Imran, Irfan and the Electric Lights has many of the lovely qualities of Misbah’s poetry, a brief, cinematic narrative with a sweep of familiarity, an assumption of intimacy, and a kind of opacity – who are Imran and Irfan? And why did we once fall in love with them? Aren’t we still a little in love with them now? As with many prose poems, I feel as if I should know more, that the explication is right there in front of me, but as with all poems, I realise that the deciphering is the pleasure. As readers we have our own experience of the finite realization of desire, catching a glimpse of a light illuminated, then listening to the shattering bulb.
Misbah describes this moment of familiarity and then the magical otherworldliness of her poetry as follows:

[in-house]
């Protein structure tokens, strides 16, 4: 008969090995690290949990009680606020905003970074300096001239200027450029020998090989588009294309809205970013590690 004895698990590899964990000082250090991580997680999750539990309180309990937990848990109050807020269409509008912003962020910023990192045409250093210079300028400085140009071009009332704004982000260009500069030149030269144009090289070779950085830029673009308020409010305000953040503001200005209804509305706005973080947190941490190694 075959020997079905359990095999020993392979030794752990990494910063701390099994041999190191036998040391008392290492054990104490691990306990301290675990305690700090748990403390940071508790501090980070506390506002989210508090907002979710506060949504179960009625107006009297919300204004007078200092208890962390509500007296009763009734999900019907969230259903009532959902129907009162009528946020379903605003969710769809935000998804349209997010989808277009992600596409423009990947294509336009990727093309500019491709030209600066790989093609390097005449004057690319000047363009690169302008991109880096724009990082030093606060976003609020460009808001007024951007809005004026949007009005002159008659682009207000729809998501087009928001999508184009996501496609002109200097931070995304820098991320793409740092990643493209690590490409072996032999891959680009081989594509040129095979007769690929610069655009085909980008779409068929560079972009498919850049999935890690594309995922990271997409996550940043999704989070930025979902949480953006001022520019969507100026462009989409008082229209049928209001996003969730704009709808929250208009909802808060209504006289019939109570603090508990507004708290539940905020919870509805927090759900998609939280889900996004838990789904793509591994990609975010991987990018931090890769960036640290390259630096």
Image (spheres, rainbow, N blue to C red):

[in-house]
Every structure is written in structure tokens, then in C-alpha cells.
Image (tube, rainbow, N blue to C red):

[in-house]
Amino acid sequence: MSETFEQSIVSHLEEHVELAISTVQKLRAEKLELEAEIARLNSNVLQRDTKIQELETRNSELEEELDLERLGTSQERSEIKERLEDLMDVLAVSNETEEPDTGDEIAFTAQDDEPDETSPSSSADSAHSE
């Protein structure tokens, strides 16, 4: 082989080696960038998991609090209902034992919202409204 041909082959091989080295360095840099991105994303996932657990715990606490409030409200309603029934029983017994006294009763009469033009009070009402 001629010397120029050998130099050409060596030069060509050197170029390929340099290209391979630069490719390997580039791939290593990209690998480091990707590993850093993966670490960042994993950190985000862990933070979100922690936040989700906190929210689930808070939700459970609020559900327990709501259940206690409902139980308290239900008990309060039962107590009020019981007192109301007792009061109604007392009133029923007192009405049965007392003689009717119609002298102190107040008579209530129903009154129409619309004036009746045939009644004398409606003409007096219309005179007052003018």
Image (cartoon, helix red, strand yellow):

“While my work may seem nostalgic, recalling other moments, and other lives, I am really trying to transcend the concepts of past and future—I’m the kite-flyer, or the falcon trainer—but I really want to be the kite or even better, the falcon.”
What do I know at the end? What can I say I have truly observed? Memory? Nostalgia? What can I truly know of Misbah?
“Did you know you can stand on Adelaide street in Brisbane to catch the 380 bus to Red Hill, and there you can smell Karachi’s port? Only at a certain time of night, around 8pm onwards—the smell of fish, human effluvia, rain. It’s really there, like a portal between the two worlds. Both Australia and Pakistan are mythical worlds to me, but I embody aspects of each meta-physically and in some circumstances my identity comes across as a mix of both. But what of the maternal line, which goes back through the Irish and French?